double precision, external :: kinetic, potential


double precision, external :: kinetic


double precision, external :: potential




e_loc = kinetic(a,r) + potential(r)




@ 408,20 +427,38 @@ end function e_loc


:headerargs:f90: :tangle plot_hydrogen.f90


:END:




#+begin_note


The potential and the kinetic energy both diverge at $r=0$, so we


choose a grid which does not contain the origin.


#+end_note


The program you will write in this section will be written in


another file (~plot_hydrogen.py~ or ~plot_hydrogen.f90~ for


example).


It will use the functions previously defined.




In Python, you should put at the beginning of the file


#+BEGIN_SRC python :results none :tangle none


from hydrogen import e_loc


#+END_SRC


to be able to use the ~e_loc~ function of the ~hydrogen.py~ file.




In Fortran, you will need to compile all the source files together:


#+begin_src sh :exports both


gfortran hydrogen.f90 plot_hydrogen.f90 o plot_hydrogen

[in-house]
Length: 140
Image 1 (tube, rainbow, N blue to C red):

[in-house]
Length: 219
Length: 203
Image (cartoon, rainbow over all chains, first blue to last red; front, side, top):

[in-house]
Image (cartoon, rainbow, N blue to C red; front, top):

#+end_src




*** Exercise




#+begin_exercise


For multiple values of $a$ (0.1, 0.2, 0.5, 1., 1.5, 2.), plot the


local energy along the $x$ axis. In Python, you can use matplotlib


for example. In Fortran, it is convenient to write in a text file


the values of $x$ and $E_L(\mathbf{r})$ for each point, and use


Gnuplot to plot the files.


Gnuplot to plot the files. With Gnuplot, you will need 2 blank


lines to separate the data corresponding to different values of $a$.


#+end_exercise




#+begin_note


The potential and the kinetic energy both diverge at $r=0$, so we


choose a grid which does not contain the origin to avoid numerical issues.


#+end_note




*Python*


#+BEGIN_SRC python :results none :tangle none


import numpy as np


@ 3007,3 +3044,15 @@ gfortran hydrogen.f90 qmc_stats.f90 vmc.f90 o vmc


 [ ] Propose a project for the students to continue the


programs. Idea: Modify the program to compute the exact energy of


the H$_2$ molecule at $R$=1.4010 bohr. Answer: 0.17406 a.u.




* Schedule




+


 <20210204 Thu 09:0010:30>  Lecture 


+


 <20210204 Thu 10:4511:10>  2.1 


 <20210204 Thu 11:1011:30>  2.2 


 <20210204 Thu 11:3012:15>  2.3 


 <20210204 Thu 12:1512:30>  2.4 


+